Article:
There are some libertarians who believe there may be something to AGW, and see using markets the way to mitigate the consequences. There are also libertarians (and conservatives and lefties) who think AGW is a preposterous fraud, and who naturally have no interest in finding solutions to a non-existent problem. But AGW per se is not a ‘libertarians vs. non-libertarians’ issue. You can still be a libertarian and think there is something to AGW, you are just going to see the ways of dealing with it very differently to command-and-control statists.
– Perry de Havilland
Bonus SQOTD, also from the same raucous beer and grappa fuelled discussion the other night…
Let me answer by rephrasing your question: “Do I trust a bunch of lay observers more than I trust a bunch of academics… academics whose professional acceptance and funding will be put at risk if they commit heresy against the True Faith and suggest AGW might not in fact be the indisputable truth?”
It is amazing the establishment is still peddling the whole nonsensical ‘climate change’ fraud. I guess they did not get the memo that people outside the BBC/Guardian bubble have noticed that the Emperor has no clothes.
The travails of Greenpeace continue to entertain.
If ever John Vidal tires of being the Guardian‘s Environment editor, he will be well placed to audition for the role of David Brent. How about this for an attempt to see the silver lining behind a very dark cloud: “Greenpeace’s £3m gamble could yet reap dividends in the fight against climate change”. What? How? Oh yes, of course:
If it only costs £3m for Greenpeace to prove to the world that speculation on risky markets to raise money is madness, then it may be money well spent.
Meanwhile, and though I often mock the Guardian I must concede that it has diligently reported all this, it has also emerged that in an effort to prove to the world that the question “What kind of compromises do you make in your efforts to try to make the world a better place?” can be a bit of a toughie for a sought-after young Third Sector exec with a work-life balance to maintain, Greenpeace’s International Programme Director has over the last couple of years been flying from home to work several times a month.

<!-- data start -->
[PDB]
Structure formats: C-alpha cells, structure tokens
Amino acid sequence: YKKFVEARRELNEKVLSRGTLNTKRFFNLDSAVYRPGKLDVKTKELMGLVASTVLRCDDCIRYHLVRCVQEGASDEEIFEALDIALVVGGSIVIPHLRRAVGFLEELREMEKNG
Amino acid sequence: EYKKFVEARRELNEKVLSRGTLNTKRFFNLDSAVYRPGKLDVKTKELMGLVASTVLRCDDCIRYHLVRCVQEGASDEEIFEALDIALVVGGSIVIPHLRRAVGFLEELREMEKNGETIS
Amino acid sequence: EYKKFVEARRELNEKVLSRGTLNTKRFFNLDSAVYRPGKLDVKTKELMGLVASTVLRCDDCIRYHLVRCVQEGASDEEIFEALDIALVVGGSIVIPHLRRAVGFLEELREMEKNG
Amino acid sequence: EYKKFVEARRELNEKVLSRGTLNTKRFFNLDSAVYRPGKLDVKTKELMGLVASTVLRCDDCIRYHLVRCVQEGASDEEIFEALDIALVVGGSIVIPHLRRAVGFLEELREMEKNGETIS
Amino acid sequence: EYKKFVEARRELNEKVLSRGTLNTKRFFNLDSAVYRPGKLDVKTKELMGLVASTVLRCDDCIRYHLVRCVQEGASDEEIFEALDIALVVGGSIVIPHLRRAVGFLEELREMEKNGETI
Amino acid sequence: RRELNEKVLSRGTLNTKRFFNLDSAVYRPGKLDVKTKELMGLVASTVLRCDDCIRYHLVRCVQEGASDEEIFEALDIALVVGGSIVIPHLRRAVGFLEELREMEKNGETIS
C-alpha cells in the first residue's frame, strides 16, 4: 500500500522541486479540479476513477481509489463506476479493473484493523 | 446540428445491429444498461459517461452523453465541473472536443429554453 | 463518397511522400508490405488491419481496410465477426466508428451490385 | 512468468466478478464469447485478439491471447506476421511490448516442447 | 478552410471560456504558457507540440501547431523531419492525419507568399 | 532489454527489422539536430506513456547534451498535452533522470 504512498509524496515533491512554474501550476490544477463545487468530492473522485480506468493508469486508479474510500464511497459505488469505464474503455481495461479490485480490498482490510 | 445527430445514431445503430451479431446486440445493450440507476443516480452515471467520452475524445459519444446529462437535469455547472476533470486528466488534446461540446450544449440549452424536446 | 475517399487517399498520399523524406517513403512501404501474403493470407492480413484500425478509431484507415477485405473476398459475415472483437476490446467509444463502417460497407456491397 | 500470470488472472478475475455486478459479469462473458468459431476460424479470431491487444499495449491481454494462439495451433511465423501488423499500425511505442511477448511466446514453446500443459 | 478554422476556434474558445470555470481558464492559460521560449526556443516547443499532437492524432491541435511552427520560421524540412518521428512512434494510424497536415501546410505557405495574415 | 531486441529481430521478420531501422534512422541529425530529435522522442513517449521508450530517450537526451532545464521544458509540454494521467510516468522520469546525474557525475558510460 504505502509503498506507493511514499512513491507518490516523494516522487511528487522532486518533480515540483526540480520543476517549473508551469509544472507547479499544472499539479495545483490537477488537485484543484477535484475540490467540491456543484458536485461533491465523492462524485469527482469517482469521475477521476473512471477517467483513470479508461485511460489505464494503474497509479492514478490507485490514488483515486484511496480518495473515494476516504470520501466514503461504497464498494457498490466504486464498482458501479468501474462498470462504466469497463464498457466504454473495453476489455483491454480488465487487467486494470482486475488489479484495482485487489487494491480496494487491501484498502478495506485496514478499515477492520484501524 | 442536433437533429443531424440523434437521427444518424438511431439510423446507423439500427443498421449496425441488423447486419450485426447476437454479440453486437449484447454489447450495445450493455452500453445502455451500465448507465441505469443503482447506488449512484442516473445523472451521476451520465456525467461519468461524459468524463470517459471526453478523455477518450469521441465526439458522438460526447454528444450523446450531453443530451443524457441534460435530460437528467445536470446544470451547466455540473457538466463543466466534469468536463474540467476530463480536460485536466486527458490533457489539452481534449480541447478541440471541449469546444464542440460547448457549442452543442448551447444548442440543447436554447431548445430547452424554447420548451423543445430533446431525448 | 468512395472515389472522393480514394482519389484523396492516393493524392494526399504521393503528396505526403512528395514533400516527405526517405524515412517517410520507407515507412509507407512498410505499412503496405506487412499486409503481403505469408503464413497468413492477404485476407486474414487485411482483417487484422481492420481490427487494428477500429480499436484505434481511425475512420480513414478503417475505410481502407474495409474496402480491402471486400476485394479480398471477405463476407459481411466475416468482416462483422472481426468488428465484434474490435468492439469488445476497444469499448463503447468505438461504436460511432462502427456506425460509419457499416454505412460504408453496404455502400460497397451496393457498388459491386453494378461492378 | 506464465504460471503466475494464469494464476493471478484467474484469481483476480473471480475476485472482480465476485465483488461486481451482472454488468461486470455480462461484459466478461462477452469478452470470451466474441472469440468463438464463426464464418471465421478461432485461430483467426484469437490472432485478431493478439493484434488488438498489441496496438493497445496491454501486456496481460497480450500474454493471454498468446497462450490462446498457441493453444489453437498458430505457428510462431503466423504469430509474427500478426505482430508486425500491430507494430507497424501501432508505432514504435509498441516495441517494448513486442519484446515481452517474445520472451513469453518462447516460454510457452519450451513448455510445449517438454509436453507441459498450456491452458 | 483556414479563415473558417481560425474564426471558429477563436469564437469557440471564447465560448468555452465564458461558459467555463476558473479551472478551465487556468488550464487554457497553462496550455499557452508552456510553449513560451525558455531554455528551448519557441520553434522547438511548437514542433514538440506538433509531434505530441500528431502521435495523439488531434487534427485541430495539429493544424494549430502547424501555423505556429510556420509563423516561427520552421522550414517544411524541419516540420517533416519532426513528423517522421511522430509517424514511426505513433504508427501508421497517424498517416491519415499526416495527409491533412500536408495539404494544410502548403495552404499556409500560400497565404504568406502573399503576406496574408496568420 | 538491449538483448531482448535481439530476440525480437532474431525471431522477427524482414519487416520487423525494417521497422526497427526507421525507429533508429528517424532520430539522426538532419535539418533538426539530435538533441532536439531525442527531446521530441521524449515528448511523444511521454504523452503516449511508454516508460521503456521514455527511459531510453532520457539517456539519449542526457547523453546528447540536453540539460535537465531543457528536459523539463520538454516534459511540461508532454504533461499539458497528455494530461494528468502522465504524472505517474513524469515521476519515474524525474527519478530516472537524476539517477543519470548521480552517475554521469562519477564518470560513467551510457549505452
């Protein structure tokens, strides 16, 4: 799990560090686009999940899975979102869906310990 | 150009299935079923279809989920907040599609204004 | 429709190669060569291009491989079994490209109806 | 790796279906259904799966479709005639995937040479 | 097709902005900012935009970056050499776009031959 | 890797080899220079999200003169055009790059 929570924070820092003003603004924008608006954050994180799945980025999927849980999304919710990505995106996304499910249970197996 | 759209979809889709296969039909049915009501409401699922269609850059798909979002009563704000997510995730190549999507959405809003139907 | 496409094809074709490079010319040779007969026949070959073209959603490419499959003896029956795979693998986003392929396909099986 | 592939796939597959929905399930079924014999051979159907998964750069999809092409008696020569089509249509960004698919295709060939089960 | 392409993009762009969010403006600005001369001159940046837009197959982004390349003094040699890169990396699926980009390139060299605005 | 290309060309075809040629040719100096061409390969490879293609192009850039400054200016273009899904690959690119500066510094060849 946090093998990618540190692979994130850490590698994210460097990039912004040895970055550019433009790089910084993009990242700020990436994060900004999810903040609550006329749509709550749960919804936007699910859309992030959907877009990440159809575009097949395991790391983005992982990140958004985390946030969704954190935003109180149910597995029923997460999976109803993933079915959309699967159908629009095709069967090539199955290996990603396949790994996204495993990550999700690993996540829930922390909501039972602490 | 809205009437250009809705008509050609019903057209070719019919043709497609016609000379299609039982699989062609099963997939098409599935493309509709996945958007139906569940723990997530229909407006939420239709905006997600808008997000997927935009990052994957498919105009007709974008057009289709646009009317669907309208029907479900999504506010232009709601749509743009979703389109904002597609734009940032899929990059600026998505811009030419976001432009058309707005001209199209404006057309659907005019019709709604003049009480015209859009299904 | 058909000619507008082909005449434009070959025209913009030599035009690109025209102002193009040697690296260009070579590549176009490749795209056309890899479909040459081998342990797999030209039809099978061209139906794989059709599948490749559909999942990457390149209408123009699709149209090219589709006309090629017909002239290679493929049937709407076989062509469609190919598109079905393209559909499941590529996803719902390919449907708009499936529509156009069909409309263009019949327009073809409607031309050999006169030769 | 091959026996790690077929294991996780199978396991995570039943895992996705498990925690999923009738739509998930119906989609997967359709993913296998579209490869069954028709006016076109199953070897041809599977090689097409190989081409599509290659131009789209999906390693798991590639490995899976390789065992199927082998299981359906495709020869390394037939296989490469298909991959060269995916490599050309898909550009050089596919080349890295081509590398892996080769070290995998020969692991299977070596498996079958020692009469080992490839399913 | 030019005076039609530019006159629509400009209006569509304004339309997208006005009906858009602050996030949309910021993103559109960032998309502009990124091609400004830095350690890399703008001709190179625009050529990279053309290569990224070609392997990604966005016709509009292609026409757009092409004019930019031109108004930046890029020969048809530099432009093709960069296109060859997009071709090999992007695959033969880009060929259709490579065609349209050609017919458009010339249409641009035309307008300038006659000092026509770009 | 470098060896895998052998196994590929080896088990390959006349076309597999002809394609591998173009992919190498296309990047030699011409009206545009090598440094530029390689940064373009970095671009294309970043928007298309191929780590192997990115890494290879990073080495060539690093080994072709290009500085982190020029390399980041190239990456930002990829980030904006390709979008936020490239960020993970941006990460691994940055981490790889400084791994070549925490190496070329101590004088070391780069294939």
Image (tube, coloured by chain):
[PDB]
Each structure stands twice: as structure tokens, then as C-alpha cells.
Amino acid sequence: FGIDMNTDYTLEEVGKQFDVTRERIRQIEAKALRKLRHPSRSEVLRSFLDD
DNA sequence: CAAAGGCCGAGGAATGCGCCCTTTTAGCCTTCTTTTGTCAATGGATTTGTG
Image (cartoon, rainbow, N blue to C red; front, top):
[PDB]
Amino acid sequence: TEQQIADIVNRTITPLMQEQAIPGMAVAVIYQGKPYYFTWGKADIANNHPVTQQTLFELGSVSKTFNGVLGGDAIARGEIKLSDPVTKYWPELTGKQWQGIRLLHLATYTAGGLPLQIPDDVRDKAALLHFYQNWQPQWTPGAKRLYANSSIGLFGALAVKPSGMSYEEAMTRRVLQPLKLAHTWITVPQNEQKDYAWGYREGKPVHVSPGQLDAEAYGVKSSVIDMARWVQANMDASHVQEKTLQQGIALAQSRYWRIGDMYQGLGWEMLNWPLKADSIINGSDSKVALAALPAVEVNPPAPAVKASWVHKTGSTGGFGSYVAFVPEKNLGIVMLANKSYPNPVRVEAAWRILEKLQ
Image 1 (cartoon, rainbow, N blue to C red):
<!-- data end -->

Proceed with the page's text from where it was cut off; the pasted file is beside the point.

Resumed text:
Greenpeace loses £3m in currency speculation
I liked the first comment, from a merry soul called ‘casaleiro':
“Shoulda put the money in armaments and petroleum.”
When it comes to “climate science”, I have for quite a few years now, as my sneer quotes make clear, been inhabiting the land of confirmation bias. So, I will not say that this proves me right. It merely confirms me in my state of ever more glacially advancing contempt for the “science” here described:
Several months afterwards, the society’s ‘newsletter’ was published. It contained a special section on the conference at which I had spoken, with a brief description of each talk, the work behind it, and with thanks offered to each speaker. I searched for my name – nothing. My presentation was ignored in its entirety.
“Disheartening” isn’t the term I would use, and I seriously considered giving up on the entire idea of academia, and getting a nice little 9-5 job. But, I am still here, still working on the problem, still uncovering, lets call them ‘anomalies’, in many areas, which the scientists involved have no clue how to explain, but about which they will hear no view other than their own.
Biases being confirmed all round, it would seem.
From the “I don’t know whether to laugh or cry” department:
The Obama Administration has revealed the core of its strategy for reducing carbon dioxide emissions: increasing the cost of solar panels to discourage deployment.
The Commerce Department on Tuesday imposed steep duties on importers of Chinese solar panels made from certain components, asserting that the manufacturers had benefited from unfair subsidies.
The duties will range from 18.56 to 35.21 percent, the department said.
Read all about it here.
Note that the U.S. government has had a policy of systematically subsidizing solar panel manufacturers for some time, often with disastrous results, and so far as I can tell (from an admittedly cursory study) the main crime of the Chinese manufacturers is to be more efficient than U.S. producers.
(Whether you think CO2 emissions are increasing global temperature or not, one thing is clear: in politics, cronies are the highest priority of all.)
Anthony Watts of the “climate sceptic” blog Watts Up With That republished this list by Roy W. Spencer: Top Ten Skeptical Arguments that Don’t Hold Water.